Overlooking modern Caserta, this medieval borgo is one of the best preserved in Italy. It is the original town of Caserta, abandoned when King Carlo III Bourbon built his palace in the valley below and enrolled a large part of the local population to its service. Dominated by a castle that is now in ruins, the village is built around the cathedral, Piazza Vescovado (tel. 0823-371318; free admission; daily 9am-1pm and 3:30-6pm, till 7:30pm in summer), a fine example of Arabo-Norman architectural style. Dedicated to St. Michael, it was built by the Normans in the 12th century using paleochristian elements as well as material from a nearby temple to Jupiter. The church is built of tufa stone -- like the rest of the town -- with delicate highlights in white marble: the three portals, the window frames, the decorative columns, and a number of zoomorphic sculptures. The dome is covered by a beautiful tiburio -- roofed tower -- where the Arab influence is readily visible. The octagonal structure has geometric designs in alternate yellow and gray tufa stone, with an ornate intertwining of arches supported by little white columns. Inside you can admire the altar encrusted in mosaic, and the baptismal font from the 4th century. The handsome facade is completed by a 13th-century bell tower, under which passes the main street of the town; it is topped by an octagonal roof and decorated in similar fashion to the cathedral.
Behind the Duomo, on the main street, is the Chiesetta dell'Annunziata (daily 9am-1pm and 3:30-6pm; until 7:30pm in summer), a Gothic church built at the end of the 13th century; the portico was added in the 18th century, but behind it you can admire the original facade with the beautiful marble portal. Farther on is the 11th-century Norman Castle; most of its original structure -- a central core with six towers -- is in ruins, but the powerful main tower remains. Do take the time to stroll through the borgo's narrow medieval streets, admiring their original paving and the well-preserved medieval decorative details of the buildings and stone archways. Not surprisingly, the town is a favorite dinner destination for locals, who come to enjoy the food, the view, and the atmosphere, especially during warm weather and on weekends.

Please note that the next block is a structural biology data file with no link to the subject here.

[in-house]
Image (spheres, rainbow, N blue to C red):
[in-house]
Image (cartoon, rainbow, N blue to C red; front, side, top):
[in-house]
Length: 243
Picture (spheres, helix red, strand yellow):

This hill to the northwest of the Royal Palace is where King Ferdinando IV had his hunting preserve, and where he created a self-sufficient colony as a societal experiment. To make the colony economically independent, the king established a silkworm farm and a weaving factory. Following principles that are quite radical even by today's standards, Ferdinando and his liberal minister Bernardo Tanucci endowed the colony with completely innovative laws and organization. Education was obligatory and free from the age of 6 up, and only those skilled in their jobs were allowed to marry and have children. There was no distinction between sexes, and every manufacturer had to contribute a portion of its gains to the common fund for people who were unable to work due to poor health or old age. The factory became famous for its precious fabrics, exporting its products far and wide. Today it operates privately, under the Stabilimento Serico De Negri, in which expert artisans keep the tradition alive by weaving damasks, brocades, and other fine fabrics.
Opening onto Piazza della Seta, the original colony is very scenic, with ordered rows of houses offering beautiful views over the Reggia and the surroundings. The small church pre-dates the hamlet and is probably of Longobard origin. The road that leads toward the left from below the steps of the original silk factory on Piazza della Seta climbs to the Hunting Lodge of the Aquaviva princes, the original owners of the estate; nearby is the Vaccheria, the stables where Ferdinand established the colony's first weaving activity before he built the village.
Note: This information was accurate when it was published, but can change without notice. Please be sure to confirm all rates and details directly with the companies in question before planning your trip.